About this blog

  • Thinking Ethics was a project launched in Geneva to foster the debate about ethics. A few friends, fed up with only reading about abuses in the media, decided to hold a forward-looking seminar on five subjects: ethics and performance, ethics and knowledge, ethics and consciousness, ethics and disobedience and ethics in real time. If moral has to do with right and wrong, then ethics is its application in society. We believe that people need to talk about the subject to determine the level of ethics they want. The book Thinking Ethics, a result of the seminar, is to start the discussion. This blog is a contribution to the conversation.
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Authors

  • Andrea Spencer-Cooke
  • Pascal Marmier
  • Kelly Richdale
  • Stephen Whittle
  • Steve Bowbrick
  • Beth Krasna

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April 24, 2007

Comments

Björn Rohde-Liebenau

Absolutely right, Beth. The objective is not to see the number of whistleblowers increase.

Now, what could a decrease in the number of whistleblowing cases stand for ? We are looking at a “before and after” question. We have something that is generally considered a significant change in the environment of corporate control, which is obviously also the environment relevant for whistleblowing. So, we could expect a numerical change, even if there were no specific whistleblowing regulations in Sarbanes Oxley.

If we wanted to draw conclusions, we would need to know, how the effectiveness of other mechanisms with relevance for governance, compliance and risk management has changed through SOX. Probably not easy to draw a definite picture, but from what I heard, especially internal audit and to a somewhat lesser extent also external auditing seems to have improved post SOX significantly. So, the classical control mechanisms have improved. That was the intention of the legislation.

Next, we might ask, whether the total number of relevant incidents has also increased. If it has – wonderful and also intended. If it hasn’t we should not be surprised if certain risks are detected by the earlier or preferred mechanisms – like auditing – rather than whistleblowing. But even if total numbers of detected incidents have increased, better supported mechanisms could take away some of the whistleblowing rata.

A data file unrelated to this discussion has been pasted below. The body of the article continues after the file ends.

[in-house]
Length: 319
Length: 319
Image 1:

Whistleblowing has wrongly been termed as an early warning system. If we look at it more closely, so process is so burdensome that it usually takes years for a whistleblower to go public. Therefore it is much rather a last warning.

So many studies have shown that it is not the whistleblowers who need a nudge. On the contrary – there may already be too much nudging of whistleblowers and usually in the wrong direction.
Instead whistleblowers are stopped by the fear of being ignored (not to make the desired change) or even harassed. The pending harassment would not stop the whistleblowers, where they could expect to effect a change. The whistleblowers’ dilemma is just that the first (and usually also the second and third) instance they should normally turn to for a responsible reaction to the risk information they are providing, are at best not interested and at worst conspiring in the perceived wrongdoing.

So what do we need ? We need (preferably positive) incentives for managers to listen and welcome the information that actually exists inside their company. Week by week we see companies hat have to report on gross faults and serious risks that could have been harnessed early on, if important information had not been hidden or blocked away internally.

RCC Risk Communication Concepts welcomes the new flood of whistleblowing hotlines. It is, however, very important to note that a hotline alone should lead no one to expect more flow of information. What we need to understand, by observation and practice, is that communication is a two-way process. You cannot expect others to engage in it with you, if you are not willing to participate in a trustworthy manner. There needs to be a response. Employees need to observe and experience this before they come out themselves. That means not only, there needs to be a response, but the process should be as visible as possible so that management commitment to listen and engage becomes credible and staff can learn to trust. Then a designated communication by-pass will still be necessary on some occasions – but the common and bi-partite dangers of whistleblowing will be lessened to the greatest extent.

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